Great point about growing from seed rather than buying seedlings that are mass produced!
I have been reading a book called Gaia's Garden, which discusses permaculture techniques for home gardens. I have major Spring fever!!
My garlic that I planted in October is starting to sprout up and it's making me all itchy to get gardening. Yipee!!!
Jen @ My Kitchen Addiction says
My hubs and I had a small garden last year and we are hoping to double the size this year. Now I'm excited to start looking at seed catalogs!
Raine Saunders says
I was just thinking about my garden today, and how the growing season is not so far away! I have never had a green thumb, but last year was my most successful gardening year thus far. In previous years, the actual yield of produce was considerably low and we had many weeds in the garden box. Last summer, the only thing different I did was to change fertilizers – I used just 1 bag of Happy Frog organic fertilizer in our 7 x 7' box and it made a huge difference! We had almost no weeds and our plants produced probably 10 times more than years past. This year I am hoping to step things up again. Last year I used organic seedling plants from a local organic farm we support. I'll do that again this year, but I'd like to start some things from seeds as you describe here. My biggest problem is where to put those seeds while they are growing before they are big enough to plant. We have an incredibly small house with little room to spare (and way too much stuff), but I may be able to figure something out. Thanks again, Diana, for the great inspiration!
wonderful idea. I would so love to join you on this but Im in a flat at the moment and the only thing I can grow are herbs! Still, what a great project!!
My Little Space says
What a great post, Diana! I'm sure you can't wait till spring. Just be a little patient!
[email protected] says
What a great series. We will be in our second year of gardening in really rough soil (tennessee)in a suburb that does not allow composting. But, I have faith that the world is changing and we'll be seeing a lot more gardening and some rule changes. Our challenge is to keep the bunnies (and who knows what else) away, but we eat tomatoes, peppers, eggplant and yellow squash all summer long with our own fresh herbs. We'd love to do more. We only have a 3 x 10 space cut out, but it feels so good.
I am sprouting my broccoli seeds and getting them ready to plant already. They have to be started 16 weeks before the first frost, so here in Iowa, that would be NOW! By the time I checked the charts last year, I was already too late for a spring crop. Looking forward to gleaning some new tips. 🙂
Divina Pe says
I would love to grown my own vegetables but I don't really have a green thumb. But I will give it a try again. We do some vegetables grown in our backyard planted by my brother and our gardener. But I do know how to sprout. 😀 And kids should definitely be involved. I hope I can join you though. 🙂
I am so excited about this!! I am off to order my catalogs!
Juls @ Juls' Kitchen says
I love the project!
In this moment is my grandma who takes care of our vegetable garden, and my sister has just started the university on alimentar tech… she'll be my future organic veggies pusher, eh eh!
I'm really excited about this series! I am a complete novice when it comes to gardening. My husband has had a veggie garden the past two summers, but continues to struggle with it. I think this will help us immensely. Thank you!
Diana Bauman says
I am so excited about this as well! Thanks everyone for the comments and being excited to grow our own food!!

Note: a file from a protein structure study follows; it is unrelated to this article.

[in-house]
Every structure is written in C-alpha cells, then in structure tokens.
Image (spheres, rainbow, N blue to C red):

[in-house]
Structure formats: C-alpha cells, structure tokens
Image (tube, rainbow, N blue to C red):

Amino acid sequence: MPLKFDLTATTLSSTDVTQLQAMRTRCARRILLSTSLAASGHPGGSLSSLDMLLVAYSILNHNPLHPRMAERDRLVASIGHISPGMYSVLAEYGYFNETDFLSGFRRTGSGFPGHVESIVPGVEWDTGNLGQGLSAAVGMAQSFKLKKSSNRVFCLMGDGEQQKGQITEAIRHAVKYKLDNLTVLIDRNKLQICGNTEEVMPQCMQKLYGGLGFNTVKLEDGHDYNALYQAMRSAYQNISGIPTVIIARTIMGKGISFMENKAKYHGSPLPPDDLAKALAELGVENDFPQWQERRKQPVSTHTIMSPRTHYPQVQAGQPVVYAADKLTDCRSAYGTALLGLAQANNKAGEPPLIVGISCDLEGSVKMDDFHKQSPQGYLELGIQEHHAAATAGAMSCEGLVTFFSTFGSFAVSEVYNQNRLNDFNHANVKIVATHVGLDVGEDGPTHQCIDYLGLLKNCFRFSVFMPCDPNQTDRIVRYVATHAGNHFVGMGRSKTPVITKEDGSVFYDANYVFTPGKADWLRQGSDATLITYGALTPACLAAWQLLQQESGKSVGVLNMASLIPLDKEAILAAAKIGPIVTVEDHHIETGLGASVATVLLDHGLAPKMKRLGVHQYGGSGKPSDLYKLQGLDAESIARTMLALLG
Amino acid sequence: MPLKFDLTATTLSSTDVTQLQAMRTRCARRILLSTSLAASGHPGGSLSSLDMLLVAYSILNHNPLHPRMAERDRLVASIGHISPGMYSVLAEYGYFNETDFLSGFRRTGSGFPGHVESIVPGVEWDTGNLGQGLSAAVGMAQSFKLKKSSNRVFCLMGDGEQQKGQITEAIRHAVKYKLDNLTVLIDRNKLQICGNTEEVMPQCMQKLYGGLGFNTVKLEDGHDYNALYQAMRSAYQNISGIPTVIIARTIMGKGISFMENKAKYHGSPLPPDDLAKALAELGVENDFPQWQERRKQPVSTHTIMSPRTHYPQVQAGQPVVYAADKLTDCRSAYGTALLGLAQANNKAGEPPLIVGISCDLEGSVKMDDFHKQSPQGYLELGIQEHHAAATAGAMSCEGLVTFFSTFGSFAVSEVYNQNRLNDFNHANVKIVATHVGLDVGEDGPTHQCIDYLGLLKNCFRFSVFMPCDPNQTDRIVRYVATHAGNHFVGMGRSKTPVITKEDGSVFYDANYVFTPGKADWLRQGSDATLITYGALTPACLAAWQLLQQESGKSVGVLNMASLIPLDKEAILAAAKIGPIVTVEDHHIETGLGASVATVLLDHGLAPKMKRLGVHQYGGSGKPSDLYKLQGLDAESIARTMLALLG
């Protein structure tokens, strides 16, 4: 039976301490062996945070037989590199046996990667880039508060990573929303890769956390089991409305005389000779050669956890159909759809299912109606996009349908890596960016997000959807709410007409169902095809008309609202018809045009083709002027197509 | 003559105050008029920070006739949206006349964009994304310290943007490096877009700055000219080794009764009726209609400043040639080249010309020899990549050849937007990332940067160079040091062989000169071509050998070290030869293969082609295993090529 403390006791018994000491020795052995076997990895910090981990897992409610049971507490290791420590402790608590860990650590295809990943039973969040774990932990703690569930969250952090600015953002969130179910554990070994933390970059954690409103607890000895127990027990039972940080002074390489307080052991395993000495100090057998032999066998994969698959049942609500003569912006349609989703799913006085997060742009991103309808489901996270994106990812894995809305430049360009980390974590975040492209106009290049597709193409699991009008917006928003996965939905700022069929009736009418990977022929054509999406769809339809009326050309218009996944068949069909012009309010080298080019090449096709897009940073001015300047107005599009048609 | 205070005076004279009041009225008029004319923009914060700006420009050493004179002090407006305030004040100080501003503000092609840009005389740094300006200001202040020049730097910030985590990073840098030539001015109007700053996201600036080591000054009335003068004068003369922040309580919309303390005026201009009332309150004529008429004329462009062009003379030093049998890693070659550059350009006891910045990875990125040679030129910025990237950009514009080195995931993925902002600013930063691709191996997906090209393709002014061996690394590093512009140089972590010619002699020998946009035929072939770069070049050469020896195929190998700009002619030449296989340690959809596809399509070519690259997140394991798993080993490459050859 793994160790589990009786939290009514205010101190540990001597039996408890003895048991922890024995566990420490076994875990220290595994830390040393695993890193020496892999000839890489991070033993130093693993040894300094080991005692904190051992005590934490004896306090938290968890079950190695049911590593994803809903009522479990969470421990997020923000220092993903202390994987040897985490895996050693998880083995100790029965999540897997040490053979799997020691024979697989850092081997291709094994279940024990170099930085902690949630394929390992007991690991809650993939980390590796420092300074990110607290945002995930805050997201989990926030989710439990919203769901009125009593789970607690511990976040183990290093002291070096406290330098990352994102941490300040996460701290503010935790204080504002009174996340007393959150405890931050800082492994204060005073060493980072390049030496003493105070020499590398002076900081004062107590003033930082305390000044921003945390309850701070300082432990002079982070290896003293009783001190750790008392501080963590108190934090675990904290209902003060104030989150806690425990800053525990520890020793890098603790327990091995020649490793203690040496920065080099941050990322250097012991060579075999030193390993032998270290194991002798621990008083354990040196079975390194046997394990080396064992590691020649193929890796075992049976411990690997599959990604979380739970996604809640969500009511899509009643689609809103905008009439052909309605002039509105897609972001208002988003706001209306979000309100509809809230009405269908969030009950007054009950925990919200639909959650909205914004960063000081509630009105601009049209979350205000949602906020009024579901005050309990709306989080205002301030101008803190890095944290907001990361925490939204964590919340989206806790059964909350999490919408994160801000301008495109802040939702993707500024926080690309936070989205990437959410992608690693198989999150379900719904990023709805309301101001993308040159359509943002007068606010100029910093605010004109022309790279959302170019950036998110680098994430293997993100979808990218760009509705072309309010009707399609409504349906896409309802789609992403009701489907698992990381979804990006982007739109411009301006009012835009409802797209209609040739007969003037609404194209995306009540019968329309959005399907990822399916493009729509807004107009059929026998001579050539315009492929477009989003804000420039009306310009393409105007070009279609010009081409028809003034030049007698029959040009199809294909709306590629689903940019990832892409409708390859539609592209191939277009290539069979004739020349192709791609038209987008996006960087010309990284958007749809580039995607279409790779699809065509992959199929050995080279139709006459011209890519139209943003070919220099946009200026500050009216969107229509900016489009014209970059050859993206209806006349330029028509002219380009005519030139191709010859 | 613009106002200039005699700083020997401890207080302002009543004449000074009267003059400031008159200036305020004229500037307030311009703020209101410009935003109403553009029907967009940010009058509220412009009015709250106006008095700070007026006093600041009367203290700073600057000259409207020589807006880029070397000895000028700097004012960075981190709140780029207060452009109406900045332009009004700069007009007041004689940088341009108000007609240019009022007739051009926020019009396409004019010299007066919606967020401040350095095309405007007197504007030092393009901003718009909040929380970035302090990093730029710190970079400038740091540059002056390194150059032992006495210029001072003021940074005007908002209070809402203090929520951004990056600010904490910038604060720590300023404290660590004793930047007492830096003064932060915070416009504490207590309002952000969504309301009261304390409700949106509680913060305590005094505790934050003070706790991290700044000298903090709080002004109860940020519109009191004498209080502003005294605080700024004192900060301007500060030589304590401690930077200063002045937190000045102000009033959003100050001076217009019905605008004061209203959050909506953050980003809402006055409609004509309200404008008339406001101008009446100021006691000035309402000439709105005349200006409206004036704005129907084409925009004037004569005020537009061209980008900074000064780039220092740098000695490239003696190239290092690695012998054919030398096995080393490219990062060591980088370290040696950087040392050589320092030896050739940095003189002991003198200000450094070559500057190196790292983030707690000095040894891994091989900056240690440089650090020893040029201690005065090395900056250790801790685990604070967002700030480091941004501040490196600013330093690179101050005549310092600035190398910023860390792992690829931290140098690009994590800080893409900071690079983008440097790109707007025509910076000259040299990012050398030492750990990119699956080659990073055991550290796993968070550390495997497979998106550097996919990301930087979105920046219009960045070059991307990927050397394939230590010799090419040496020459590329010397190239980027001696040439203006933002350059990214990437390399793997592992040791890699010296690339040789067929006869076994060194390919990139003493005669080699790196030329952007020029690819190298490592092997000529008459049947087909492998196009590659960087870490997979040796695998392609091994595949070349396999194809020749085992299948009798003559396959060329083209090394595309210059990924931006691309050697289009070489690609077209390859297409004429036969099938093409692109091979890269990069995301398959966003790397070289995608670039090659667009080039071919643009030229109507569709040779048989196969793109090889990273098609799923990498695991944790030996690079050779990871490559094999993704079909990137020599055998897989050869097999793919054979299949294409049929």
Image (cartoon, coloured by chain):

Abby – Thanks so much for those links! I'll have to check them out 😀
Jenn from Tiny Urban Kitchen – You bet we'll be sharing on what you can do living with a small area to grow.
Christine – Yes, that is on my list this year, to start saving my own seeds 😀 Will definitely be posting on that.
Kristin – I need to get a hold of you 😉
Raine – Great tips on the organic fertilizer. I definitely feed 😀
Amy – Wow! I better get on this, lol!!
Thanks again everyone, next Wednesday I'll continue with this series 😀
Love Baker Creek! The photography is gorgeous. Now if only I can figure out how to actually grow the stuff 🙂 I'll be trying again this year!
Check out Fedco Seeds, too. http://www.fedcoseeds.com Fantastic heirloom seed selection, no gmo's, beautiful descriptions, quality second to none, and fantastic prices. Their catalogs are newsprint without photos, so I look at all the other ones & order from Fedco! Not affiliated, but I've been buying their seeds and growing them for over 15 years.
Chiot's Run says
Love that you're enscouraging people to grow their own! I love Baker Creek Heirloom seeds.
Does anyone have suggestions about a good place in Des Moines to buy organic starting plants? This year will be my first garden and I have NO clue what I'm doing. I'm looking forward to this series!
Arabic Bites says
I am interesting & excited to grow my own food this year…
I've planted some herbs (organic fenugreek,3 types of mint,basil,sage,Habaq"Saudi herb",coriander ,parsley & some green leaves)
And I can't wait until next month to plant tomatoes accordant to planting calendars here :).
I wonder if I order some organic seeds is it possible to grown here???? because I didn't find any organic seeds here except the fenugreek….
I just found this series of posts about starting the garden and you have me in gear. I ordered my catalogs and picked up a few of my books to refresh my memory.
Thanks for the links to seed companies.
Mary Ann Buford says
I first happened upon your site (blog I guess). When I tried to pass on to my Son-in-law who is a beginning gardener, I could not get back to where I started…..finally, I “stumbled” across it again….It seemed to me there was a great deal more about gardening but I’m having trouble finding it…can you help me?
Love what I do find.
Maria Aguilera says
It is my understanding that Johnny’s Selected Seeds do sell GMO seeds and they do not list which ones, so please be informed, thank you. GMO’s are horrible!!!!!!!!!!
Debbie from Maine says
I am new to your site and am enjoying it. You should try Fedco seeds from Maine. Large variety, organic and non, heirlooms and NO GMO’S. Good prices and great service.